Heard: March 8, 2017.
action commenced in the Superior Court Department on July 14,
2015. The case was heard by James F. Lang, J., on motions for
judgment on the pleadings.
Michael Sacco for the plaintiff.
C. Fallon for John Swallow.
Present: Grainger, Blake, & Neyman, JJ. 
plaintiff, Essex Regional Retirement Board (board), appeals
from a judgment allowing a motion for judgment on the
pleadings in favor of defendant John Swallow. The board
determined that Swallow's convictions of various criminal
offenses committed in October, 2012, while on administrative
leave, render him ineligible to receive a retirement
allowance pursuant to G. L. c. 32, § 15(4). We agree,
and conclude that Swallow's convictions fall within the
purview of § 15(4). We remand the case for consideration
of the constitutionality of the assessed penalty under the
Eighth Amendment to the United States Constitution.
summarize the procedural history and the underlying relevant
facts which are undisputed. In June, 2012, Swallow was placed
on administrative leave from his duties as a sergeant in the
Manchester police department. At that time he was also
suspended from a second job he held as a paramedic with
Northeast Regional Ambulance Service. Although Swallow left
his badge and his service handgun at the police station, his
license to carry a firearm was not suspended at that point.
After being placed on administrative leave, Swallow
experienced significant depression and began drinking heavily
on a daily basis.
afternoon of October 26, 2012, Swallow was at home with his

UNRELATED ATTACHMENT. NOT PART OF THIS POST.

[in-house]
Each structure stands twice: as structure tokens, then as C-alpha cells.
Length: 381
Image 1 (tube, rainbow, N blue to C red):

wife, Lauren Noonan. He was drinking heavily and the couple
began arguing, initially because Noonan was concerned that
Swallow might drive his car. The quarrel escalated; Noonan
went to her bedroom and sat on the bed with one of her dogs.
Swallow then entered the room with a .45 caliber handgun, and
grabbed Noonan by the shirt. He began screaming at her, and
waved the gun in her face. He then pointed the gun at the dog
and threatened to kill it. Noonan stood up, pushed past
Swallow and left the house, walking to her next door
neighbors' house. While in the neighbors' driveway,
she heard a gunshot and telephoned the police from the
apparently had fired the gun into a door, then put the gun
down, walked outside, and sat on the front steps of the
house. The Beverly police arrived in response to Noonan's
summons and placed Swallow under arrest. The police recovered
the fired bullet in the upstairs bedroom. A search of the
house revealed numerous guns and other weapons in the
result of this incident, Swallow admitted to sufficient facts
on the following charges: (1) assault and battery, in
violation of G. L. c. 265, § 13A(a), (2)
discharge of a firearm within 500 feet of a building, in
violation of G. L. c. 269, § 12E, (3) assault
by means of a dangerous weapon, in violation of G. L. c. 265,
§ 15B(b), (4) three counts of improper storage of a
firearm, in violation of G. L. c. 140, § 131L(a) and
(b), and (5) intimidation of a witness, in violation of G. L.
c. 268, § 13B.
board determined that Swallow's criminal convictions were
violations of laws applicable to the office or position of a
police officer as defined in G. L. c. 32, § 15(4), thus
requiring forfeiture of his pension. Swallow appealed the
board's decision to the District Court; on cross motions
for judgment on the pleadings, the District Court judge
reversed the board's decision, finding that there was
"no evidence of any direct link" between
Swallow's criminal convictions and his employment. The
board's petition to the Superior Court was certified
pursuant to G. L. c. 249, § 4. A judge of the Superior